How a Local Alcohol Policy can reduce harm

Fewer places selling alcohol, less harm

Limiting the number of places that sell alcohol, across the district or in selected areas/suburbs

The more places that sell alcohol in a community, the higher the rate of alcohol-related harms such as violence, assaults, drink driving, child maltreatment, self-reported harm and heavy drinking among adolescents and university students.

More outlets means more competition - outlets then stay open for longer and discount their prices to compete. Low prices enables heavier drinking and more harm.

A high density of liquor outlets can also lower the amenity and good order in a community - this may be because heavy drinkers cause street disturbance, litter, vomit, property damage, etc. 

Preventing new alcohol outlets opening in vulnerable areas

In New Zealand, there are more places that sell alcohol in low income communities. Low income drinkers experience high levels of alcohol-related harm. Research shows that young Māori and Pacific males (i.e. 18-24 years) are more negatively impacted by living in close proximity to places that sell alcohol. Policies that prevent new alcohol outlets opening are urgently needed to reduce the unequal harm experienced by Māori, Pacific and low income populations.

Preventing new alcohol outlets being located near schools, Marae and other sensitive sites

Given alcohol is New Zealand's most harmful drug, we should reduce alcohol access and visibility to vulnerable populations, including children. It is important that new alcohol outlets should not open near schools, Marae, alcohol treatment facilities, churches and playgrounds.

Shorter trading hours, less harm

Off-licence opening and closing hours

Countries such as Scotland and Ireland do not allow off-licences to open until 10am or 10:30am. This protects children from being exposed to alcohol on their journey from home to school. Social service providers in New Zealand have been concerned about the negative impact of early opening hours on persons with alcohol addiction.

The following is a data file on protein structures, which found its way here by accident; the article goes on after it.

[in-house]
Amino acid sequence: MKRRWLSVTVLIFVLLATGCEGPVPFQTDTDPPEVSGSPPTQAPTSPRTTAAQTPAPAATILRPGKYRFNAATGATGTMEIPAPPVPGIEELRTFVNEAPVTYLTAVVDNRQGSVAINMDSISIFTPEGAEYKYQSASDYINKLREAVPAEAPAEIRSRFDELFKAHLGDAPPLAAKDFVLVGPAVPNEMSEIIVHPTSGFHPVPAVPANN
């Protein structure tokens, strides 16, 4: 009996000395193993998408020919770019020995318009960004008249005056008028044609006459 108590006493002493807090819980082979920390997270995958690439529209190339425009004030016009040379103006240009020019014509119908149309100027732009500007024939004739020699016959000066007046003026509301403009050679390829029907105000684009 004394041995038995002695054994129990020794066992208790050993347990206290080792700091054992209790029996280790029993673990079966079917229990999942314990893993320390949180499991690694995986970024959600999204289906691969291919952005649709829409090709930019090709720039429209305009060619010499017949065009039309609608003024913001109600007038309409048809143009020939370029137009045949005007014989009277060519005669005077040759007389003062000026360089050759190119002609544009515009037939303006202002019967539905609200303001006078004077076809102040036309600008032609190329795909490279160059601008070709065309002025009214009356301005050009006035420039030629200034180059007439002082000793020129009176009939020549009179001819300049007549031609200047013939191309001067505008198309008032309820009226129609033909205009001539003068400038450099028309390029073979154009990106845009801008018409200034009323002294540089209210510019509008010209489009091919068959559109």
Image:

Later closing hours are especially problematic. New Zealand drinkers who purchased alcohol from off-licences after 10pm were found to be twice as likely to be heavy drinkers compared to those who purchased before 10pm. International research, from Germany and Switzerland, found significant reductions in harm to young people following a reduction in off-licence trading hours, when combined with other off-licence restrictions. You can read more here.

On-licence closing hours

There is a wealth of evidence showing that restrictions to on-licence hours reduces alcohol harm. Click here for more information.

Licence conditions, less harm

Conditions can also be placed on alcohol licences to minimise harm. For off-licences, these may include (but are not limited to):

  • Prohibiting the sale of single alcoholic beverages (eg, single mainstream beers and RTDs)
  • Prohibiting the sale of certain types of products - eg light spirits, shots - and/or products sold below a certain cost
  • Prohibiting sales to persons in school uniforms
  • Not displaying RTDs at the principal entrance to the store or within three metres of the front window

To protect children from being exposed to liquor store advertising, the following conditions placed on alcohol outlets near schools are especially important:

  • Signage to be limited to displaying the store name and logo on the existing roof display
  • No bright colours to be used in the external decoration of the premises
  • No specific product or price specials to be displayed externally.

You can read more about off-licence conditions here and on-licence conditions here.

Read more about Local Alcohol Policies

Visit Action Point for more information about Local Alcohol Policies. Click here.